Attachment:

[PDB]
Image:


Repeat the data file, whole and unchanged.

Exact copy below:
[PDB]
Image: